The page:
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slide:ology by Nancy Duarte

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188 slide:ology
Making Objects Move and Change
Animation creates the illusion of movement. Presentation
software can be used to create an illusion of two-dimen-
sional (and even three-dimensional) animation.
The decisions you make while animating objects influence
how quickly the audience can process the information
but just as importantly, how much the audience has to
move their eyes to process the information. Text drop-
ping down and then bouncing into place is bothersome
and not meaningful. Plan out what pacing makes sense,
where objects will travel, and where the object is at in the
space. Sometimes using more than one animation feature
helps convey a story better.
In the samples below, objects animate to perform a specific
action. The action (as well as other potentially perceived
meanings) is followed by a representation of how it looks
on your slide, and then the actual animation command as
found in PowerPoint.
motion path
rotate
grow/shrink
connect
join
combine
change
shift
rank
surpass
expand
outweigh
collide
fight
pressure
dominate
take over
manage
pass
advance
speed up
motion path
shrink horizontally
motion path
grow
motion path
Creating Movement 189
As the object descends, it should
move to the right to follow the
angle of entry.
Impact of ground contact on
the object changes the shape
of the object.
The shape is restored; height of
the arc is shorter on exit due to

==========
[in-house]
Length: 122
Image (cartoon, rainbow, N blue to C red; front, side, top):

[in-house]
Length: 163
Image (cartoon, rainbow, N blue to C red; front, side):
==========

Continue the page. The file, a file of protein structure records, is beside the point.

energy lost from impact.
The ball in the foreground is large and the one on the horizon is small. They are entering the scene from
two different positions. The balls shrink or grow as they move between the background and foreground.
To make them look natural, you need to create the following animation examples using more
than one animation effect in your application. The circle is modified into an oval in the second
frame, showing the influence that the impact had on the shape.
When objects enter or exit from a distance, you should apply a path-based animation and
scaling effect to the same object. To create the illusion of a third dimension, create a horizon
and vanishing point on your slide. For example, this looks like a two-way street.
push leftpush leftpush left
Be less curious
about people and
more curious
about ideas.
Marie Curie
The right word may
be effective, but no
word was ever as
effective as a rightly
timed pause.
Mark Twain
190 slide:ology
Content can pan from scene to scene,
rather than just from slide to slide.
There are times when one slide isn’t enough real estate
for all your content. Instead of piling it all on one slide,
split the content between two slides. You can usually
connect them to each other with the push transition in
PowerPoint. It will create an illusion that the content is
all in the same scene. A transition that makes the slides
feel like one large space will help the audience feel like
the information is connected within that space.
Creating Panoramas and Scenes
Using the push transition in PowerPoint can create the illusion that the
camera is panning. In the sample above, it looks like the camera panned
to the right across the images and text.
push left
motion path
Creating Movement 191
BEFORE: Displayed all at once instead of
over time, content is illegible. The audience
will read ahead.
AFTER: Complex timeline is split into a
sequence of slides. When pushed left with
a transition, the presentation gives the illu-
sion of one long timeline.
Have an object enter your slide
using a motion path.
Reveal unexpected surprises
in the final frame.

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